Don’t expect the Los Angeles Dodgers to make a major splash in this year’s trade market as they did last season. The acquisition of Ricky Nolasco two weeks ago will likely be their biggest move this season.
However, these are the Dodgers, who have proven over the past year that anything is possible while Guggenheim Baseball Management is cutting the checks.
As I mentioned in last Friday’s article, Los Angeles would do well to pry Cliff Lee and Chase Utley away from the struggling Philadelphia Phillies, losers of eight straight games. However, Phillies general manager Ruben Amaro still insists that Utley is not available, while Lee could be had for the right price.
With Phillies insider Jim Salisbury writing that a team would have to “blow the Phillies away” with an offer to acquire Lee, that probably leaves the Dodgers out of the running.
A package including top prospects Joc Pederson, Zach Lee and/or Chris Reed would have to be enticing to Philadelphia. But it may not be enough to seal the deal. If Utley can’t be acquired in the deal, Los Angeles would be crazy to surrender all three of those players for just Lee.
The latest buzz surrounding the Dodgers has them as the favorites to sign former San Francisco Giants closer Brian Wilson to strengthen their bullpen. The 31-year-old right-hander is close to returning to action after undergoing Tommy John surgery last April.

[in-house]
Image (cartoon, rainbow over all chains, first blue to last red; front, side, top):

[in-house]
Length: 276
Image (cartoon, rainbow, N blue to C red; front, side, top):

He’s reportedly narrowed his list of teams to the Giants, Dodgers and Pittsburgh Pirates.
With the recent Carlos Marmol trade already proving to be a bust, Wilson could address the Dodgers’ need for another reliable right-hander in the seventh and eighth innings.
Kevin Gregg of the Chicago Cubs is another right-handed relief pitcher that should be on the Dodgers’ radar, especially now that Jesse Crain has been dealt from the Chicago White Sox to the Tampa Bay Rays.
Los Angeles is not as involved in major trade talk as they were last season, primarily because they don’t need to be.
While the team was just starting to be decimated by injuries at this time in 2012, this year’s team is now relatively healthy after some bad luck early in the season. Hanley Ramirez and Carl Crawford have both returned from extended absences, and only Matt Kemp is still struggling to stay off the disabled list.
The Dodgers are also headed in the right direction in the standings, another contrast with last year’s team.
On June 20, 2012, Los Angeles was a major-league-best 42-27. However, the Dodgers went just 44-49 the rest of the season, finishing with a disappointing 86-76 record.
They ended the season eight games behind the Giants, who went on to win the World Series.
Exactly one year later, the Dodgers were a season-worst 30-42 on June 20 of this year, trailing the Arizona Diamondbacks by 9.5 games in the NL West. Los Angeles has gone an amazing 26-6 since then—the second best record in the majors in that time—and now leads Arizona by 2.5 games.
With the Dodgers mostly healthy and the team playing up to the lofty expectations heaped upon it before the season, don’t be shocked if all remains fairly quiet on the trade front.
Like the new article format? Send us feedback!